Ranipokhari, located in the centre of Kathmandu, is a man-made pond. It is surrounded by a clock tower and the Tri Chandra College in the east, which were built by Shri Teen Bir Shamsher Rana and Shri Teen Chandra Shamsher Rana respectively. Likewise, to the west of Rani Pokhari is Durbar High School, one of the oldest schools in Nepal built by Junga Bahadur Rana. Similarly, to the north of this pond is Biswajyoti Cinema and Ratna Park to the south. There is a temple of Balagopal Mahadev in the middle of Rani Pokhari. This temple is open only one day in a year on the day of Bhai Tika. Ranipokhari is surrounded by an iron fence. Inside the fence of Ranipokhari, a large elephant and a statue of King Pratap Malla, queen and son have been installed on it.
After the death of the eldest son Chakravartendra Malla, King Pratap Malla set out to appease the mourning queen. The pond was built in 1725 BS to make the queen happy. King Pratap Malla also built an idol of himself and his two sons – Mohipaten Malla and Chakravartendra Malla on a statue of an elephant on the south bank of the pond. The pond covers an area of 62 ropanis and 13 annas, which is 180m long and 140m wide.
After the temple gate collapsed in the 1990 BS earthquake, Juddhashamsher gave the Ranipokhari temple its present look. The temple was again damaged in a devastating earthquake of 7.8 magnitude on Baisakh 12, 2072 BS. One year after the earthquake, President Bidhya Devi Bhandari had inaugurated the reconstruction work on Baisakh 12, 2073 BS. Now the reconstruction work has been completed and its inauguration work has been completed in Kartik 2077 BS.
There is Balagopaleshwar, also known as Yamaleshwar, temple in the centre of Ranipokhari. This temple was built three hundred years ago. The Yamaleshwar (Balagopaleshwar) temple in the middle of Ranipokhari traditionally opens one day a year in Bhai Tika. Recent controversy has revealed that the actual name of this temple is not Balagopaleshwar. As per the red seal of Bhadra, 1871 BS, this temple is named as Gaurishankar. The name of this temple is also mentioned in the Guthi as Gaurishanker.
Myth related to Ranipokhari
There is a legend that a statue of a king is kept on an elephant in Ranipokhari. After the construction of this pool, King Pratap Malla always used to come to bathe in this pool. Thus, while coming to bathe in the pool, the king met a little girl and fell in love with her. Accordingly, that girl became pregnant due to the intercourse between her and the king. Seeing that the king was also losing weight. The brothers and sisters became worried and searched for the reason why the king was losing weight and the love affair between the king and the little girl was discovered.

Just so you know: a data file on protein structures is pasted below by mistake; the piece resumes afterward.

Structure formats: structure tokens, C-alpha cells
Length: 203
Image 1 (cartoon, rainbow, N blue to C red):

They also came to know that the little girl was pregnant. When their love story was discovered, brothers and Guru Purohits were in stress and tried to control that little girl by using different techniques. Finally, they built the huge elephant with a king, queen, and prince idols on it and placed the fetus of a pregnant little girl on the foot of the elephant. There is a legend that the idol was set up in such a way that if the front foot of the elephant trampled the baby and the fetus, it would not hurt again.
Rainwater Harvesting System
Ranipokhari to meet the winter water shortage. Rainwater harvesting was started in the Science Building of Trichandra College in 2006 with the initiative of Youth Red Cross Circle, Trichandra College and GASUS Forum and with the support of the UN. Also in 2010, a rainwater harvesting system was installed in two more buildings of Trichandra Campus with the help of WWF. At present, about 2.5 million litres of rainwater is being collected annually from the buildings of Trichandra College. The collected rainwater has been used for recharging and conserving the Ranipokhari, which is drying up due to depletion of groundwater. It has also been used for purifying air water and drinking it in college.
Many must have been surprised by the restoration of the temple located between Ranipokhari, which was damaged by the earthquake of 12 Baisakh, 2072 BS. The former dome-style temple is now built in the Shikhar style. Why such a change? Curiosity can also arise in many.
After the great earthquake of 2015, there was a controversy and campaign for the reconstruction of Ranipokhari. The community protested after the Kathmandu Metropolitan City planned to rebuild in a modern style. As a result, in 2020, Ranipokhari was rebuilt in the traditional style. The Balagopaleshwar temple in the middle of the pond was rebuilt in the Mallakalin Shikhar style.
In fact, the Ranipokhari, established in 1725, was a similar temple during the construction period. The temple was rebuilt twice during the Rana period. The dome style of the temple we saw before the earthquake was a form of the same Rana period. The present renovation has restored the temple to its original form. The return of the temple to its original form is of historical significance.
-By: Kusum Kharel for Land Nepal